“Our bodies seem determined to defend the highest body weight possible—both by increasing our desire for food and by decreasing how much energy we burn whenever we experience a calorie deficit.”
– Éric Doucet
In the hit television series Mad Men, overweight housewife Betty Draper struggles to regain the slim figure that had helped her earn modelling contracts and the attention of ex-husband Don Draper. She attends Weight Watchers meetings and diligently limits her caloric intake. In one scene, she carefully measures small blocks of cheese and places them beside her single slice of unbuttered toast and half grapefruit. Later that night, she rushes to the fridge and inhales a mouthful of whipped cream.
Mad Men is set in the 1960s, but Betty’s attempts to lose weight resonate today more than ever. While the multi-billion-dollar diet industry thrives, more than 95 percent of people trying to shed kilos end up relapsing. Losing weight seems an intractable losing battle for most.
Éric Doucet’s research on fasting and dieting may shed some light on why that struggle is so difficult, by exploring how our bodies and brains respond to reduced caloric energy intake. The professor in the Faculty of Health Sciences at the University of Ottawa and his team at the Behavioural and Metabolic Research Unit are studying “food reward”— the amount of work we’re willing to do to procure the food we would like to eat. For the most part, this drive to seek food has been studied in subjects whose weight is stable; Doucet’s team is among the first groups to look at the dynamics of food reward in humans deprived of calories.
“We found that, as we restrict our caloric intake, our desire for food actually increases, likely through a series of mechanisms affecting our dopamine levels,” explains Doucet. “In fact, we’ve seen that a drug like Ritalin, which blocks dopamine reuptake in the brain, decreases food intake and feeding in human subjects.”
His team has also discovered that restricting the energy our body takes in has a big effect on how our food tastes and smells. “If we deprive you of calories, food will actually start to taste better,” says Doucet. “The food experience is enhanced as both taste and olfaction are improved as a result of caloric deprivation.”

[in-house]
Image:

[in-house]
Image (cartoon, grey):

This change in taste and smell is possibly modulated by a hormone called leptin. As we lose weight, fat cells release leptin, increasing the intensity of taste, as well as our sense of smell. “This increases the pleasure we experience when eating,” says Doucet. “And if the pleasure of the food experience is heightened, that gets stored in our memory, increasing the motivation to seek food even more.”
Meanwhile, an important gut peptide called ghrelin also plays a key role in appetite by signalling to our brain when it’s time to eat. As we lose weight, ghrelin levels increase, likely diminishing our feeling of being full and driving us to seek and ingest food.
“What’s so surprising and puzzling is just how aggressively our body acts to maintain any weight that we’ve gained,” says Doucet. “And it seems like it’s the change in weight that matters most, much more than actual weight levels.”
The researcher’s team is also looking at how quickly our body burns calories and how that changes during weight loss. The news isn’t good. “When we restrict caloric energy intake, our body goes into a kind of ‘economy’ mode, shutting off everything that is non-essential,” he says. “Our resting metabolism decreases, as does the amount of energy burned after eating. You also burn fewer calories during exercise or any other physical activity.”
Doucet has found that the rate at which this happens is even greater than would be expected from changes in weight alone.
Here’s the problem. Diets are based on how much energy you burn. For example, if you usually expend 2,000 calories a day, you might restrict your intake to 1,500, expecting that you will lose the equivalent of 500 calories a day. But since you’re now running on ‘economy’, you might now be burning only 1,700 calories a day, essentially swallowing up the calorie deficit and therefore losing weight at a much slower rate.
“Our bodies seem determined to defend the highest body weight possible— both by increasing our desire for food and by decreasing how much energy we burn whenever we experience a calorie deficit,” stresses Doucet.
“What’s even scarier is how long these effects last. In fact, data shows that our appetite can be affected by weight loss for as long as a year and energy expenditure for as long as six years,” he adds.
“This is a huge argument for prevention, for avoiding weight gain in the first place. For those who are already overweight, we need to start thinking of weight maintenance, or even the slowing down of weight gain, as success.”
If only Betty Draper knew what Éric Doucet and his researchers now know about the forces at work in the battle of the bulge…
by Leah Geller